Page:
Last Saturday: Civic Pride in Florence

Last Saturday, we visited Florence via bus for the day. As we make our transition from feudal agrarian society at Castello di Spannocchia, we transition to the city of Florence to study the Medieval and Renaissance society. Our transition simulates the move of manpower from the countryside during the thirteenth century into cities like Florence. The groups organized themselves and became the “popolo” or populace. This was just one of the many groups that came into power in Florence with the Medici family as the most famous ruling class.

In the exhibition, “Dal Giglio al David: Civic Art in Florence from the Middle Ages to the Renaissance” at the Accademia in Florence, the image as a symbol was often used to reinforce, question, or disrupt. Throughout the history of Florence, the symbols shift through religious, mythological and heraldic imagery with the shift largely dependent on the current possession of power.

The very first examples of secular architecture for civic meetings in Florence were tower houses such as the Torre della Castagno which is similar to where I am staying now at Castello di Spannocchia just outside of Sienna. Heraldic emblems and saints were the oldest group of symbols used throughout Florence to demonstrate civic pride as related to the Holy Roman Empire. The first civic building, the Baptistery, was dedicated to St. John the Baptist, the patron saint of Florence. June 24 is the feast of St. John and feast days for St. John and other saints marked important political and military events for Florence.

Coats of arms, still seen throughout the city today on the Duomo, major landmarks or on the sides of non-landmark buildings, confirmed loyalty to city as did works of art. Walking around Florence, you can still see much of the heraldry, even on non-landmark buildings if you just look up to the area between the first and second levels. During the 13th century, Guelphs utilized heraldic imagery of the eagle clutching the dragon to show their alignment with the Pope and the House of Anjou and the Ghibelline utilized the mythological imagery of Hercules killing the lion to show their loyalty to the Holy Roman Empire. Each of their symbols showed victory as a way to reinforce their power.

In 1299, construction began on the headquarters for a new government, Palazzo de Priori and the Arti, or guilds, at what is now known as Palazzo Vecchio. The items used for the rituals and historical relics were safeguarded in this building as a measure of civic-pride. The Priori would live in this building while they were in office but their terms were short, rotating and drawn by lottery. Relics and ritual objects from other cities were also kept in the Palazzo de Priori as the spoils of war as a means to disrupt the civic pride in conquered cities.

After a series of violent conflicts in Florence, Cosimo Medici returns to the republic of Florence and this marks the dominating reign of the Medici family. Cosimo renamed the Priori, Liberty or of the arti (guilds) to advance themselves a “guarantors of Florentina libertas” or patrons of the arts. This shift in power leads   to the most powerful patronage the world has even known. The Medici adapt Hercules, previously used by the Ghibelline and David as a “metphor for Florence’s struggle against tyrants.” Michelangelo’s David remains one of the most iconic symbols of Renaissance sculpture and David, in his original location the Piazza della Signoria, was meant to intimidate enemies of Florence, almost as a talisman. The use of the hero as symbols, depicted in both painting and sculpture and their placement emulated the republican model. The Medici used the power of the image, a threatening power Plato was aware of, to secure their power. We know that Cosimo Medici collected ancient Greek literature, including that of Plato. Just as heraldry showed loyalty to the city, so did the patronage of art. At the inception of their patronage, the Medici also removed art to disrupt and reinforce their power.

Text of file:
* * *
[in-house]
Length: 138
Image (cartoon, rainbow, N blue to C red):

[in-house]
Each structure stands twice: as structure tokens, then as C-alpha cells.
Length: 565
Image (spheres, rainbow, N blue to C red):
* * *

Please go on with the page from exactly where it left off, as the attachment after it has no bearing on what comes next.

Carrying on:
Botticelli’s Birth of Venus reinforced the Medici family’s own personal mythology and creating one of the most iconic paintings of the Renaissance.  Other iconic paintings created during the Renaissance include Titian’s Venus of Urbino.  In contrast to many of the public works commissioned by the Medici, this painting was a private commission. The Duke of Urbino commissioned Titian to paint Venus of Urbino solely to serve as a teaching tool to his new bride on how to be a good wife.

Unlike Plato’s republic and the expulsion of the artists, artists during the Renaissance through public and private patronage, utilized their skills to reinforce, question, or disrupt the relationship between political power, civic engagement, and the personal mythology of the ruling class.

On Sunday, we will travel to Venice and transition into the Baroque with a focus on Venice as a powerful city-state through commerce, the use of spectacle and eccentricity. Our exploration of the Venice Biennale for several days is just one enduring example of this spectacle.

Heraldry on the Duomo.

Heraldry on the Duomo.

The lion, the lily (and reproduction of David on the left - not shown) as enduring symbols of Florence.

The lion, the lily (and reproduction of David on the left – not shown) as enduring symbols of Florence.

Cosimo Medici

Cosimo Medici

Another example of loyalty to the city expressed in heraldry.

Another example of loyalty to the city expressed in heraldry.



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